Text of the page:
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  • Cybersecurity: DHS and Selected Agencies Need to Address Shortcomings in Implementation of Network Monitoring Program
    In U.S GAO News
    Selected agencies—the Federal Aviation Administration, Indian Health Services, and Small Business Administration—had generally deployed tools intended to provide cybersecurity data to support the Department of Homeland Security's (DHS) Continuous Diagnostics and Mitigation (CDM) program. As depicted in the figure, the program relies on automated tools to identify hardware and software residing on agency networks. This information is aggregated and compared to expected outcomes, such as whether actual device configuration settings meet federal benchmarks. The information is then displayed on an agency dashboard and federal dashboard. Continuous Diagnostics and Mitigation Program Data Flow from Agencies to the Federal Dashboard However, while agencies reported that the program improved their network awareness, none of the three agencies had effectively implemented all key CDM program requirements. For example, the three agencies had not fully implemented requirements for managing their hardware. This was due in part to contractors, who install and troubleshoot the tools, not always providing unique identifying information. Accordingly, CDM tools did not provide an accurate count of the hardware on their networks. In addition, although most agencies implemented requirements for managing software, they were not consistently comparing configuration settings on their networks to federal core benchmarks intended to maintain a standard level of security. The agencies identified various challenges to implementing the program, including overcoming resource limitations and not being able to resolve problems directly with contractors. DHS had taken numerous steps to help manage these challenges, including tracking risks of insufficient resources, providing forums for agencies to raise concerns, and allowing agencies to provide feedback to DHS on contractor performance. In 2013, DHS established the CDM program to strengthen the cybersecurity of government networks and systems by providing tools to agencies to continuously monitor their networks. The program, with estimated costs of about $10.9 billion, intends to provide capabilities for agencies to identify, prioritize, and mitigate cybersecurity vulnerabilities. GAO was asked to review agencies' continuous monitoring practices. This report (1) examines the extent to which selected agencies have effectively implemented key CDM program requirements and (2) describes challenges agencies identified in implementing the requirements and steps DHS has taken to address these challenges. GAO selected three agencies based on reported acquisition of CDM tools. GAO evaluated the agencies' implementation of CDM asset management capabilities, conducted semi-structured interviews with agency officials, and examined DHS actions. GAO is making six recommendations to DHS, including to ensure that contractors provide unique hardware identifiers; and nine recommendations to the three selected agencies, including to compare configurations to benchmarks. DHS and the selected agencies concurred with the recommendations. For more information, contact Vijay A. D'Souza at (202) 512-6240 or dsouzav@gao.gov.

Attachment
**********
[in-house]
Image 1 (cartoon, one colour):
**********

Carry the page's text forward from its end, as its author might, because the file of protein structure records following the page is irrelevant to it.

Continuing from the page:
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  • Concrete Contractor Agrees to Settle False Claims Act Allegations for $3.9 Million
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    COLAS Djibouti SARL (Colas Djibouti) ¬has agreed to resolve for $3.9 million civil allegations that it violated the False Claims Act by selling substandard concrete used to construct U.S. Navy airfields in the Republic of Djibouti, the Department of Justice announced today. Colas Djibouti, a French limited liability company, is a wholly owned subsidiary of Colas SA, a French civil engineering company.